While severe weather poses risks at the time it’s occurring, the aftermath of a storm can be risky as well, according to an article on nonfatal injuries during the week after Hurricane Sandy in this week’s Center for Disease Control and Prevention (CDC) Morbidity and Mortality Report.
The storm made landfall in densely populated areas of New York, New Jersey, and Connecticut on Oct. 29, 2012, forcing many people to evacuate their homes through water and debris. Flooding affected 51 square miles of New York City (NYC) and resulted in 43 deaths, many caused by drowning in the home, along with numerous storm-related injuries
Researchers found in that ten percent of those who lived in flooded areas reported an injury in the week following the hurricane. Nearly 75% of those had more than one injury.
Injuries occurred during evacuation and clean-up/ repair of damaged or destroyed homes.The most common injuries reported were arm/hand cuts, back strain/sprain, and leg cuts. The greatest number of injuries occurred among persons who attempted to clean or repair damaged or destroyed homes.
The Sandy survey included questions on home evacuation, height of flood waters in home, degree of damage to home, activities related to storm response (e.g., rescue, clean-up, and repair), and a health assessment that included details of Sandy-related injury restricted to the first week after the hurricane to provide the respondent a distinct period for recall of the injury. Additional information was obtained about body part (e.g., arm/hand, leg, or foot), type of injury (e.g., cut, fracture, or strain), and whether medical care was received.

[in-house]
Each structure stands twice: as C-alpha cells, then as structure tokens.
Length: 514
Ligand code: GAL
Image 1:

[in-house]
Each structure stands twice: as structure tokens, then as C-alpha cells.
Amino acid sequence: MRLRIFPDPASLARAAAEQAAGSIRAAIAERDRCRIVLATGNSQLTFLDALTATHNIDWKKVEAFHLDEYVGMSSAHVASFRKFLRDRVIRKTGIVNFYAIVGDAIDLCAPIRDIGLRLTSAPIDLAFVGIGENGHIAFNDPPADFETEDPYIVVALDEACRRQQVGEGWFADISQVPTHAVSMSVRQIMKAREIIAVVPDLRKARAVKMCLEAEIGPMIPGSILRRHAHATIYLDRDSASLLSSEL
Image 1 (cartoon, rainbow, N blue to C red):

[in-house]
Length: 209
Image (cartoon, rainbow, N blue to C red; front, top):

In the NYC inundation zone alone, approximately 500 homes were destroyed, and 26,000 homes and businesses were registered for repairs.
Data from people in a Registry of those affected by the WTC disaster in NYC was used in the report.
The researchers note that hurricane preparation messages emphasizing the potential for injury hazards during both evacuation and clean-up or repair of damaged residences might help mitigate the occurrence and severity of injury after a hurricane.